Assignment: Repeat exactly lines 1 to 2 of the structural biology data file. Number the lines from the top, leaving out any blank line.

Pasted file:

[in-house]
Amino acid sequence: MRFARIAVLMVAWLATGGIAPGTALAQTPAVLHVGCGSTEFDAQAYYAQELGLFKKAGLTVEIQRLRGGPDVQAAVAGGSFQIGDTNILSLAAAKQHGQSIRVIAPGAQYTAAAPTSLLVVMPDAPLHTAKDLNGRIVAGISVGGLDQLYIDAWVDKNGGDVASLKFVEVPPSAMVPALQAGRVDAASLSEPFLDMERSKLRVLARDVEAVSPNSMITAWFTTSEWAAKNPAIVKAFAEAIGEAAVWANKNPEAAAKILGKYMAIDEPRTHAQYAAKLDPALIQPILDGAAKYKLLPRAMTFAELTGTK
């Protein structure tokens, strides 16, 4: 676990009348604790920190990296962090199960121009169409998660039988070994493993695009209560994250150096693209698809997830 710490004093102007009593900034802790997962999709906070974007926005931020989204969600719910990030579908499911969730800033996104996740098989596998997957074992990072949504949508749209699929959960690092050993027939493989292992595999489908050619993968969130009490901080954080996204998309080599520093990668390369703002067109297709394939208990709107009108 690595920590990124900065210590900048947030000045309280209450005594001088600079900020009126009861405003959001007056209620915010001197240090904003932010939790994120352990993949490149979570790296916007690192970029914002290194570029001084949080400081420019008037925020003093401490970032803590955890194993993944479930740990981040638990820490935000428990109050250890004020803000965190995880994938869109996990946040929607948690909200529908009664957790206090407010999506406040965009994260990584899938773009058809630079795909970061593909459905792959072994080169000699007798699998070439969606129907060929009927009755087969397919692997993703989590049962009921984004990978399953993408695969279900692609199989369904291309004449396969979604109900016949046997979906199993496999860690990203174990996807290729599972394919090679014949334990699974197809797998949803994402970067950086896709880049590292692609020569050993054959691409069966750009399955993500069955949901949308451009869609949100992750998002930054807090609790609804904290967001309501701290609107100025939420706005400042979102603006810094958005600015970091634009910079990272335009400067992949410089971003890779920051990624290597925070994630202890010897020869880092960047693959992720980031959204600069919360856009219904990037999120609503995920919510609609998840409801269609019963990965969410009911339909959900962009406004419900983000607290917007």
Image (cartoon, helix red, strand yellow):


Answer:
[in-house]
Amino acid sequence: MRFARIAVLMVAWLATGGIAPGTALAQTPAVLHVGCGSTEFDAQAYYAQELGLFKKAGLTVEIQRLRGGPDVQAAVAGGSFQIGDTNILSLAAAKQHGQSIRVIAPGAQYTAAAPTSLLVVMPDAPLHTAKDLNGRIVAGISVGGLDQLYIDAWVDKNGGDVASLKFVEVPPSAMVPALQAGRVDAASLSEPFLDMERSKLRVLARDVEAVSPNSMITAWFTTSEWAAKNPAIVKAFAEAIGEAAVWANKNPEAAAKILGKYMAIDEPRTHAQYAAKLDPALIQPILDGAAKYKLLPRAMTFAELTGTK